A statue of the Rev. Billy Graham is eventually coming to the U.S. Capitol, and it’s worth remembering how and why that’s happening.
Each state is allowed to request two statues in the Capitol’s National Statuary Hall. In 2018, North Carolina Gov. Roy Cooper (a Democrat, I should add) asked for a statue of former governor Charles Aycock (a White supremacist) to come down to make room for the Charlotte-born preacher. Legislators in the state actually approved the change in 2015, but the formal request for a statue couldn’t be made until Graham died.
There’s a ten-step process to replace statues, and North Carolina has been going through that checklist. Right now, the next step is for a sculptor to create a model of the statue; at some point, a congressional committee will have to approve of it.
In case you’re wondering, the $650,000 statue will be funded by the Billy Graham Evangelistic Association, not state funding. The issue here is less about church/state separation and more about why the hell anyone would want Graham representing North Carolina.
After all, he’s the guy who once told President Richard Nixon: “This stranglehold [that Jews have] has got to be broken or this country is going down the drain.”
This is the guy who thought people who disagreed with him would burn in Hell for all eternity.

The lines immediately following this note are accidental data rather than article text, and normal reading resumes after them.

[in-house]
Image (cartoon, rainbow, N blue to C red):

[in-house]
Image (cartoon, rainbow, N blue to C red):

This is the guy who said AIDS was God’s punishment for homosexuality.
This is the guy who urged people in the state to vote against marriage equality in 2012.
This is the guy whose biggest claim to fame was perpetuating mythology that, if he truly inspired the Religious Right, has steered our country into a ditch.
It’s one thing for Christians to act like he was a great man. But people willing to look at his full résumé, his blemishes, and (dear lord) his children should be embarrassed by what he’s come to represent.
If this statue goes up, Graham wouldn’t be the only religious statue in the building. (Utah has Mormon leader Brigham Young. Hawaii has Catholic priest Father Damien.) But it would go up next to the statue of former North Carolina governor Zebulon Baird Vance, a slaveowner who served in the Confederate army.
In other words, a man whose represents bigotry and oppression… would have his statue next to a literal slaveowner.
(Image via Shutterstock. Large portions of this article were posted earlier)